The crackle of gunshots has become white noise for children living in parts of north St. Louis.
“I got used to it,” a fifth grade girl said, “because it happen a lot, so I’m just not scared of it no more.”
They know just what to do if they’re inside:
“When I hear gunshots, I duck on the floor and get under my bed,” said a sixth grade boy.
When they’re outside and there’s shooting, they know to look for a safe place to run.
“When somebody start shooting around me, I make sure my siblings in front of me first because they don’t really run that fast,” the fifth grader added.
These students at Ashland Elementary School in north St. Louis — whose names St. Louis Public Radio is not using to protect their privacy discussing such a sensitive subject — have grown numb to the high rate of gun violence, their teachers say. The school is surrounded by more gun violence than nearly any other city school, according to St. Louis Metropolitan Police data.
The frequent wailing of emergency sirens is enough to rocket Principal Paula Boddie’s senses to a 10, three years into overseeing the school. It serves nearly 200 students from the Penrose and O'Fallon neighborhoods. St. Louis police reported a total of 177 homicides and violent crimes involving guns in those neighborhoods between January and November 2019.
“Very frequently, things that send me into heart palpitations, my children are just going by saying, ‘Oh, Dr. Boddie, it’ll be OK,’ and they just sort of move along,” Boddie said. “But it concerns me. What is that doing to the mind of a child who makes that OK?”
Constant exposure to violence causes anxiety and stress, psychologists have found, leading to aggression, poor school outcomes and substance abuse later in life.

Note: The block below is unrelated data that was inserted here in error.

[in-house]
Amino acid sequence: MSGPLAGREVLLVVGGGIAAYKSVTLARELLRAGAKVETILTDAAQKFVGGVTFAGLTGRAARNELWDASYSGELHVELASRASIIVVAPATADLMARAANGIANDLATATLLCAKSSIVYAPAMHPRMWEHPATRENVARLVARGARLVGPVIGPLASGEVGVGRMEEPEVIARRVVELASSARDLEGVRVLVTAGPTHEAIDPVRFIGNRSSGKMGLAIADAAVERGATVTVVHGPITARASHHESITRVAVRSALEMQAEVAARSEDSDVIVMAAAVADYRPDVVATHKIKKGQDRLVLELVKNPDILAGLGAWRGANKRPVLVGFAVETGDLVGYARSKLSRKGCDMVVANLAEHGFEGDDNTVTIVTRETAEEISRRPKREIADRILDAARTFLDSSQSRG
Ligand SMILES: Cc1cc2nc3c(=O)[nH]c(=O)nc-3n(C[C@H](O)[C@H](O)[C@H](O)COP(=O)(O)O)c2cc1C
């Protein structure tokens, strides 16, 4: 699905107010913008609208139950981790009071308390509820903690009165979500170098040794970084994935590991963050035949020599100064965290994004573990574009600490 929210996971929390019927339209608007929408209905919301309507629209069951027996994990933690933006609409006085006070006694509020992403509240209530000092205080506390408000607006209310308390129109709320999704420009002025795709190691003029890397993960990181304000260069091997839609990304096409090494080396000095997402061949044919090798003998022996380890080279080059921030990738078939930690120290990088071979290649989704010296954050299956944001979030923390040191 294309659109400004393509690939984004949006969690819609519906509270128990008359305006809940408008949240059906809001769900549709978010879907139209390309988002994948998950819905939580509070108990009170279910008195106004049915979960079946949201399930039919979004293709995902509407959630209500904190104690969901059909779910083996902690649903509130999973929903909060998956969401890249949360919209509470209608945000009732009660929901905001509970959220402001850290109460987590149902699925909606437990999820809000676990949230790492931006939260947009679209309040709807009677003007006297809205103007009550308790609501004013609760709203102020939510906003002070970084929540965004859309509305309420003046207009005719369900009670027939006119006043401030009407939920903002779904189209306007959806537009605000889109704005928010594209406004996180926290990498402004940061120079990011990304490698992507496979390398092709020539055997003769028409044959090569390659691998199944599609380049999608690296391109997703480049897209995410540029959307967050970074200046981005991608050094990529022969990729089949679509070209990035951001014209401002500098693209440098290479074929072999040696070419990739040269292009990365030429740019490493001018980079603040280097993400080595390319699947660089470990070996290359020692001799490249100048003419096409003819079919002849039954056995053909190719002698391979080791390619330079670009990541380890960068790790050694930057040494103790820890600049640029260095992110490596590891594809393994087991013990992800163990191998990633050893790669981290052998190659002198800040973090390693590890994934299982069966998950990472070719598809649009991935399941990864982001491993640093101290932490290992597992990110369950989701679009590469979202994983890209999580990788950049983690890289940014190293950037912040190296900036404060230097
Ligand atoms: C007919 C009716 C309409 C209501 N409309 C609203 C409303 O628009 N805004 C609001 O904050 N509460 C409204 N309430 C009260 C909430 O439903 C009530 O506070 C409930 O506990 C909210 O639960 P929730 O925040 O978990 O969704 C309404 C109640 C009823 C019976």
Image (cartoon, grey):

“The trauma has become normal, the stress has become normal,” said Stephanie Moore, the school’s social worker. “And it really is unfortunate.”
Instead, educators say the impact of gun violence rests deep within their students, tangled up with other impacts of poverty, such as hunger and housing insecurity, seeding trauma and sometimes causing aggressive behavior.
“It’s sad because they’re completely desensitized, yet everything that they want to do revolves around confrontation, fighting and shooting fake guns at each other,” said Santana Barnes, a staff member at Ashland.
‘We all we got’
Barnes is a building sub by job title but considers himself more of a roving school counselor. He goes by “Coach” and works frequently with a handful of students who have the most trouble tamping down their emotions to sit through a lesson.
Barnes grew up in north St. Louis, bouncing between the city and St. Louis County. He has his own stories of close calls with guns.
He dresses down for school and tries to be a mollifying presence for the kids. Most often during afternoons at Ashland, he's roaming the halls in a trademark flat-brimmed ball cap. If he finds a student wandering the halls or overhears a classroom disruption, he’ll pull students out of the room and line them up along the wall for a talk.
“I tell them, ‘How will you survive, what will you do if you’re always fighting each other?’” he said. “And you can’t expect it to change tomorrow, you can’t expect it to change next week. It is a constant, constant repetition, and they need to hear it because guess what, they constantly hear gunshots.”
Before dismissing the students back to class, Barnes makes them repeat a call-and-response: “Ashland, we all we got.”
A safe space
The grown-ups have been shooting since the children were old enough to remember.
“I’m used to these gunshots because mostly they used to do it every time when I was 4 or 5, whatever age I was, they used to be shooting around my block,” said a boy in third grade.
Sitting in plastic chairs in a circle, their hands stayed up for the question of whether they knew someone killed by a bullet.
They stay away from the alleyways and the city parks. Too much shooting happens in those places. Several students and parents readily recall the moment playing on the jungle gym or playing hoops turned into a sprint to safety.
But they feel shielded at school. They don’t hear the shooting as often inside these walls.
“I feel safer at school, because at home you’re not supposed to go outside at night because there’s a lot of drive-bys during that time,” said a boy in fifth grade.
Also, they have Coach or Ms. Moore, the social worker, to confide in. Students gather for mindfulness exercises every day.
The last question was what these children think would make their neighborhood a place where they can play outside again.
“Without no guns, no weapons, no none of that.”
Follow Ryan on Twitter: @rpatrickdelaney
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